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Pathfinder's fantasy RPG becomes a co-op card game in BattleTech creators' new deckbuilder Runefire

Light my Runefire.

Want to explore Pathfinder’s fantasy world of Golarion without bothering with character sheets and all that other RPG guff? Fancy another deckbuilding title from the studio that published Crossfire and Dragonfire but tired of Shadowrun’s aesthetic? Upcoming board game Runefire might hit that sweet spot.

Runefire is the result of a cooperation between BattleTech maker Catalyst Game Labs and tabletop RPG publisher Paizo. The latter has donated its expansive fantasy world and system for the former to stretch across the existing deckbuilder engine used in Crossfire (Shadowrun) and Dragonfire (Dungeons & Dragons).

Quick to play and emphasising storytelling, gameplay begins with players selecting an ancestry, class and starting gear that will be very familiar to Pathfinder players - most of the “quintessential” options will be available in Runefire. Beginning in the Inner Sea region, the group of adventurers will explore several regions and continents on Golarion, levelling up their character through battle and challenges, earning new feats and equipment and generally climbing that power ladder.

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"We are excited to see the rich world we've created in Golarion reach new fans through the incredible engine the team at Catalyst have built," said Mike Webb, Paizo’s vice president of sales and marketing, in a press release. "Whether you are a fan of Pathfinder looking for a new way to experience the world, or a fan of other games in Catalyst's system looking for a new setting, we think this is an outstanding combination."

Narrative choices will ripple throughout future adventures and quests, opening some avenues and closing off others. Ancestries and classes will each have specific solutions to problems that the entire party faces, and how they choose to proceed might come back to haunt them later. Catalyst and Paizo claim Runefire will be steeped in Pathfinder lore and will throw plenty of beloved - or feared - locations, monsters and notable figures in their path. All of this will also comply with the remastered Pathfinder 2E Core books, which excise all the D&D hsitory from its rules and worldbuilding.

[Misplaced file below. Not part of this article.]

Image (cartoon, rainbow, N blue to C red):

“BattleTech will always remain my one true love. Yet the time I spent developing Dragonfire was an absolute high-watermark of my career,” said Randall N. Bills, creative director of Catalyst Game Labs. “I could spend weeks of fifteen-hour days in hard playtesting, and yet still sit down immediately and play the game for fun.”

Box art mockup for Runefire deckbuilding board game
Image credit: Catalyst Game Labs/Paizo

“I’ve literally been giggling as I’ve slid back into the joy of development within this game system,” he continued. “And along the way, I’ve absolutely fallen in love with the lore of Golarion. Working with Loren, Jay, Talon, Mike, Kristian, and Bryn—alongside Paizo—to weave in an authentic Pathfinder experience to create the best yet iteration of this game is just glorious. I can’t wait for everyone to throw this great game on their tables.”

Runefire will launch a crowdfunding campaign later this year, though the publishers did not specify a platform or date beyond sometime in 2024.

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Runefire

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Chase Carter avatar

Chase Carter

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Chase is a freelance journalist and media critic. He enjoys the company of his two cats and always wants to hear more about that thing you love. Follow him on Twitter for photos of said cats and retweeted opinions from smarter folks.
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